The patients were pain free postoperatively, required minimal intravenous opioid on the 1st postoperative day. There was no incidence of PONV or pruritus. Urinary retention could not be assessed all the patients were catheterised due to the nature of the surgery. There was no incidence of respiratory depression which authors defined as a respiratory rate less than 10/min. There was also no carbon dioxide retention as evidenced in the Arterial Blood Gas test (ABGs).


The administration of intrathecal morphine preoperatively helps in improving the quality of postoperative analgesia and also reduces the need for intravenous opioid administration as rescue analgesia. Intrathecal morphine is as an effective method of pain relief in the early postoperative period and can be used as an alternative to continuous epidural analgesia in major abdominal surgeries.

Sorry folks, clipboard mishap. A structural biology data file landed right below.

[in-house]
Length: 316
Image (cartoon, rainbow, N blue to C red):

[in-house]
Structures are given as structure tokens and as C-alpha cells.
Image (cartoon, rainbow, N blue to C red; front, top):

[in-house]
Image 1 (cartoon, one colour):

Feldheiser A, Aziz O, Baldini G, Cox BPBW, Fearon KCH, Feldman LS, et al. Enhanced Recovery After Surgery (ERAS) for gastrointestinal surgery, part 2: Consensus statement for anaesthesia practice. Acta Anaesthesiol Scand. 2016;60(3):289-34. [crossref] [PubMed]
Wu CL, Cohen SR, Richman JM, Rowlingson AJ, Courpas GE, Cheung K, et al. Efficacy of postoperative patient-controlled and continuous infusion epidural analgesia versus intravenous patient-controlled analgesia with opioids: A metaanalysis. Anesthesiology. 2005;103(5):1079-88; quiz 1109-10. [crossref] [PubMed]
Wang JK, Nauss LA, Thomas JE. Pain relief by intrathecally applied morphine in man. Anesthesiology. 1979;50(2):149-51. [crossref] [PubMed]
Sultan P, Halpern SH, Pushpanathan E, Patel S, Carvalho B. The effect of intrathecal morphine dose on outcomes after elective cesarean delivery: A metaanalysis. Anesth Analg. 2016;123(1):154-64. [crossref] [PubMed]